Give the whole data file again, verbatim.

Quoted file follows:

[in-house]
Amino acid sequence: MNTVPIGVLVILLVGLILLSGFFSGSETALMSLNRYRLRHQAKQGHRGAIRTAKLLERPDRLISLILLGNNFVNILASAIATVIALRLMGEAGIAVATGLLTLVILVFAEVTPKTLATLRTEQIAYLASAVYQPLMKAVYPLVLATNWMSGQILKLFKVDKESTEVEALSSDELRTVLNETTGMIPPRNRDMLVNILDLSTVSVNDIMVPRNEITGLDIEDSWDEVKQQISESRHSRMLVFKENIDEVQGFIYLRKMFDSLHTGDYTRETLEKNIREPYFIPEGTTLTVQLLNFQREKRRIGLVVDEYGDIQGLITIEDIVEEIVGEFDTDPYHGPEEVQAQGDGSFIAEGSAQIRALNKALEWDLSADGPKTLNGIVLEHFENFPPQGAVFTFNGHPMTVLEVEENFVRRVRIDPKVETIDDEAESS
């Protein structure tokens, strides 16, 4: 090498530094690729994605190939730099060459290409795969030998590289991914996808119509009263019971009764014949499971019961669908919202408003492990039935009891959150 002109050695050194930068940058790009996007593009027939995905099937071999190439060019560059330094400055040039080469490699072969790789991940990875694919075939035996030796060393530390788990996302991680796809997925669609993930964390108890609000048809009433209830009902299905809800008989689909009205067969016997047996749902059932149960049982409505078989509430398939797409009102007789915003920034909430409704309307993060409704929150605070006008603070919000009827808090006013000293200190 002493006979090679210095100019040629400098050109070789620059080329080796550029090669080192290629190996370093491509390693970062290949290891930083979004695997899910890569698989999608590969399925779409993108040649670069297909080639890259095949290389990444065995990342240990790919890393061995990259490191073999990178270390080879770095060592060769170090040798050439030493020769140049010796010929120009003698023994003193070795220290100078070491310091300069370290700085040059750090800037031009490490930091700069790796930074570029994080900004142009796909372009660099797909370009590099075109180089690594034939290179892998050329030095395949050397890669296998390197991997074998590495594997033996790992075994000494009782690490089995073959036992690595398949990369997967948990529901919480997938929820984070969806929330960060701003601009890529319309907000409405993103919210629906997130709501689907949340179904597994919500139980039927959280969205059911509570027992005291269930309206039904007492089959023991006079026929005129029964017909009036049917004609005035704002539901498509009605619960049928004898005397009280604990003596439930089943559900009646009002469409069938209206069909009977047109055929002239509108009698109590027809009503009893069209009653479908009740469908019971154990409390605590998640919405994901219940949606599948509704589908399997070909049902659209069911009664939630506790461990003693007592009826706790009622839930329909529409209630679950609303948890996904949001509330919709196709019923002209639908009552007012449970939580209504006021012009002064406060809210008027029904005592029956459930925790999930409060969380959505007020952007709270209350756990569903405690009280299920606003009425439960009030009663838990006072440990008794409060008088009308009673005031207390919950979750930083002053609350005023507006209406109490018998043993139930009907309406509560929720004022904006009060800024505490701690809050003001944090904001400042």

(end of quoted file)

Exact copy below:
[in-house]
Amino acid sequence: MNTVPIGVLVILLVGLILLSGFFSGSETALMSLNRYRLRHQAKQGHRGAIRTAKLLERPDRLISLILLGNNFVNILASAIATVIALRLMGEAGIAVATGLLTLVILVFAEVTPKTLATLRTEQIAYLASAVYQPLMKAVYPLVLATNWMSGQILKLFKVDKESTEVEALSSDELRTVLNETTGMIPPRNRDMLVNILDLSTVSVNDIMVPRNEITGLDIEDSWDEVKQQISESRHSRMLVFKENIDEVQGFIYLRKMFDSLHTGDYTRETLEKNIREPYFIPEGTTLTVQLLNFQREKRRIGLVVDEYGDIQGLITIEDIVEEIVGEFDTDPYHGPEEVQAQGDGSFIAEGSAQIRALNKALEWDLSADGPKTLNGIVLEHFENFPPQGAVFTFNGHPMTVLEVEENFVRRVRIDPKVETIDDEAESS
């Protein structure tokens, strides 16, 4: 090498530094690729994605190939730099060459290409795969030998590289991914996808119509009263019971009764014949499971019961669908919202408003492990039935009891959150 002109050695050194930068940058790009996007593009027939995905099937071999190439060019560059330094400055040039080469490699072969790789991940990875694919075939035996030796060393530390788990996302991680796809997925669609993930964390108890609000048809009433209830009902299905809800008989689909009205067969016997047996749902059932149960049982409505078989509430398939797409009102007789915003920034909430409704309307993060409704929150605070006008603070919000009827808090006013000293200190 002493006979090679210095100019040629400098050109070789620059080329080796550029090669080192290629190996370093491509390693970062290949290891930083979004695997899910890569698989999608590969399925779409993108040649670069297909080639890259095949290389990444065995990342240990790919890393061995990259490191073999990178270390080879770095060592060769170090040798050439030493020769140049010796010929120009003698023994003193070795220290100078070491310091300069370290700085040059750090800037031009490490930091700069790796930074570029994080900004142009796909372009660099797909370009590099075109180089690594034939290179892998050329030095395949050397890669296998390197991997074998590495594997033996790992075994000494009782690490089995073959036992690595398949990369997967948990529901919480997938929820984070969806929330960060701003601009890529319309907000409405993103919210629906997130709501689907949340179904597994919500139980039927959280969205059911509570027992005291269930309206039904007492089959023991006079026929005129029964017909009036049917004609005035704002539901498509009605619960049928004898005397009280604990003596439930089943559900009646009002469409069938209206069909009977047109055929002239509108009698109590027809009503009893069209009653479908009740469908019971154990409390605590998640919405994901219940949606599948509704589908399997070909049902659209069911009664939630506790461990003693007592009826706790009622839930329909529409209630679950609303948890996904949001509330919709196709019923002209639908009552007012449970939580209504006021012009002064406060809210008027029904005592029956459930925790999930409060969380959505007020952007709270209350756990569903405690009280299920606003009425439960009030009663838990006072440990008794409060008088009308009673005031207390919950979750930083002053609350005023507006209406109490018998043993139930009907309406509560929720004022904006009060800024505490701690809050003001944090904001400042």